# 20.6 Electric hazards and the human body

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• Define thermal hazard, shock hazard, and short circuit.
• Explain what effects various levels of current have on the human body.

There are two known hazards of electricity—thermal and shock. A thermal hazard    is one where excessive electric power causes undesired thermal effects, such as starting a fire in the wall of a house. A shock hazard    occurs when electric current passes through a person. Shocks range in severity from painful, but otherwise harmless, to heart-stopping lethality. This section considers these hazards and the various factors affecting them in a quantitative manner. Electrical Safety: Systems and Devices will consider systems and devices for preventing electrical hazards.

## Thermal hazards

Electric power causes undesired heating effects whenever electric energy is converted to thermal energy at a rate faster than it can be safely dissipated. A classic example of this is the short circuit    , a low-resistance path between terminals of a voltage source. An example of a short circuit is shown in [link] . Insulation on wires leading to an appliance has worn through, allowing the two wires to come into contact. Such an undesired contact with a high voltage is called a short . Since the resistance of the short, $r$ , is very small, the power dissipated in the short, $P={V}^{2}/r$ , is very large. For example, if $V$ is 120 V and $r$ is $0\text{.}\text{100}\phantom{\rule{0.25em}{0ex}}\Omega$ , then the power is 144 kW, much greater than that used by a typical household appliance. Thermal energy delivered at this rate will very quickly raise the temperature of surrounding materials, melting or perhaps igniting them.

One particularly insidious aspect of a short circuit is that its resistance may actually be decreased due to the increase in temperature. This can happen if the short creates ionization. These charged atoms and molecules are free to move and, thus, lower the resistance $r$ . Since $P={V}^{2}/r$ , the power dissipated in the short rises, possibly causing more ionization, more power, and so on. High voltages, such as the 480-V AC used in some industrial applications, lend themselves to this hazard, because higher voltages create higher initial power production in a short.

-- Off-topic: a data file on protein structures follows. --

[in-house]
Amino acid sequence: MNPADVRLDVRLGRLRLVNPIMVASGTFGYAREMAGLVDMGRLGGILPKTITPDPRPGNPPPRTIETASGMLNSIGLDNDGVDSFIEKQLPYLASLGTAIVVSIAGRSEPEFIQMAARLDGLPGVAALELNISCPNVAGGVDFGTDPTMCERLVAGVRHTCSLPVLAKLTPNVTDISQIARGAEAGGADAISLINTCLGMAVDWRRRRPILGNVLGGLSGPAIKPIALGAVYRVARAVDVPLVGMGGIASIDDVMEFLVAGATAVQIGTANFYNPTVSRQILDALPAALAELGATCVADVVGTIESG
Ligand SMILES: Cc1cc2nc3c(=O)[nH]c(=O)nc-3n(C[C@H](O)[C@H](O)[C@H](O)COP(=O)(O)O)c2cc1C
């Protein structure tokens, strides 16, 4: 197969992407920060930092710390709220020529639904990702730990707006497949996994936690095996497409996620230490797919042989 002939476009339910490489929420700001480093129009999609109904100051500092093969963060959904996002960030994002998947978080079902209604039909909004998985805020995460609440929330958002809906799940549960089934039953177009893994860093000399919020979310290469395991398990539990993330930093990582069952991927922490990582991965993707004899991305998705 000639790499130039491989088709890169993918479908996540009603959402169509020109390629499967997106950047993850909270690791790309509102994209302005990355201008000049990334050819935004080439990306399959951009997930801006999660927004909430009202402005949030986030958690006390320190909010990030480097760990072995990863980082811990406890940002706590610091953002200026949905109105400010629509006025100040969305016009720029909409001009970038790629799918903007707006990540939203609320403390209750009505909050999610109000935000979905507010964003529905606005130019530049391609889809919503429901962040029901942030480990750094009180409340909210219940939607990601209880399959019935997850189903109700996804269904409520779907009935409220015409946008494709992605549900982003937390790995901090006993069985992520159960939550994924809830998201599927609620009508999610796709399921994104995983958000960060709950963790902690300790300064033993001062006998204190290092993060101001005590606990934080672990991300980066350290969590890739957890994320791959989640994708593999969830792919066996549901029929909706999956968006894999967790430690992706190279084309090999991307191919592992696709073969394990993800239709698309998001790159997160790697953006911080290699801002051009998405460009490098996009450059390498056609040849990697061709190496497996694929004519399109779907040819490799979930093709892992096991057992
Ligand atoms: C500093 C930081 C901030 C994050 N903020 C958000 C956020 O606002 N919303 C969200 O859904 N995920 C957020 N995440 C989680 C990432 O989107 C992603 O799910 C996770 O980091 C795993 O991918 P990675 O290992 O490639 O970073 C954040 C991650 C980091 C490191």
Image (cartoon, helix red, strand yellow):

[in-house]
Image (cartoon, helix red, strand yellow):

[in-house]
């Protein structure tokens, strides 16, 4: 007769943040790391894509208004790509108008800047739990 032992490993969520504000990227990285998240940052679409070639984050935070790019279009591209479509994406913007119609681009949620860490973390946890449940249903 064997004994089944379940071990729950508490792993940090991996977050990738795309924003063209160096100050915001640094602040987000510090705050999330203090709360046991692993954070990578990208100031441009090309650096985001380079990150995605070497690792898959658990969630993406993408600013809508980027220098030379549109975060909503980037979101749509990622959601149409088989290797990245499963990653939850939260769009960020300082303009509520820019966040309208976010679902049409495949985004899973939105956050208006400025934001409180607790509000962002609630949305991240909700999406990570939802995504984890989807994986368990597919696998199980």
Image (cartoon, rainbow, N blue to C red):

Another serious, but less dramatic, thermal hazard occurs when wires supplying power to a user are overloaded with too great a current. As discussed in the previous section, the power dissipated in the supply wires is $P={I}^{2}{R}_{\text{w}}$ , where ${R}_{\text{w}}$ is the resistance of the wires and $I$ the current flowing through them. If either $I$ or ${R}_{\text{w}}$ is too large, the wires overheat. For example, a worn appliance cord (with some of its braided wires broken) may have ${R}_{\text{w}}=2\text{.}\text{00}\phantom{\rule{0.25em}{0ex}}\Omega$ rather than the $0\text{.}\text{100}\phantom{\rule{0.25em}{0ex}}\Omega$ it should be. If 10.0 A of current passes through the cord, then $P={I}^{2}{R}_{\text{w}}=\text{200 W}$ is dissipated in the cord—much more than is safe. Similarly, if a wire with a $0\text{.}\text{100}\phantom{\rule{0.25em}{0ex}}\text{-}\phantom{\rule{0.25em}{0ex}}\Omega$ resistance is meant to carry a few amps, but is instead carrying 100 A, it will severely overheat. The power dissipated in the wire will in that case be $P=\text{1000 W}$ . Fuses and circuit breakers are used to limit excessive currents. (See [link] and [link] .) Each device opens the circuit automatically when a sustained current exceeds safe limits.

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